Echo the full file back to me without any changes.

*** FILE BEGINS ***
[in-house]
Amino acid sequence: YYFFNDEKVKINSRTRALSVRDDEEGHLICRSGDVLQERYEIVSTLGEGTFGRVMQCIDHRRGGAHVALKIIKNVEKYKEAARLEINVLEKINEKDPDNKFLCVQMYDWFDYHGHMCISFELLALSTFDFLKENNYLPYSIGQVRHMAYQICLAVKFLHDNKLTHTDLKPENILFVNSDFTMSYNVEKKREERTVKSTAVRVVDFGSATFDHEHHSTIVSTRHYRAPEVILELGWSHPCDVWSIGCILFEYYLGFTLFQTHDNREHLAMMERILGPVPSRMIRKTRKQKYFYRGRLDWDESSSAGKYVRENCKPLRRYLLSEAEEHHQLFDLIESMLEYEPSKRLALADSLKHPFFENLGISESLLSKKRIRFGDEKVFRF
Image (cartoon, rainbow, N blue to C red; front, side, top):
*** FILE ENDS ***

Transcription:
[in-house]
Amino acid sequence: YYFFNDEKVKINSRTRALSVRDDEEGHLICRSGDVLQERYEIVSTLGEGTFGRVMQCIDHRRGGAHVALKIIKNVEKYKEAARLEINVLEKINEKDPDNKFLCVQMYDWFDYHGHMCISFELLALSTFDFLKENNYLPYSIGQVRHMAYQICLAVKFLHDNKLTHTDLKPENILFVNSDFTMSYNVEKKREERTVKSTAVRVVDFGSATFDHEHHSTIVSTRHYRAPEVILELGWSHPCDVWSIGCILFEYYLGFTLFQTHDNREHLAMMERILGPVPSRMIRKTRKQKYFYRGRLDWDESSSAGKYVRENCKPLRRYLLSEAEEHHQLFDLIESMLEYEPSKRLALADSLKHPFFENLGISESLLSKKRIRFGDEKVFRF
Image (cartoon, rainbow, N blue to C red; front, side, top):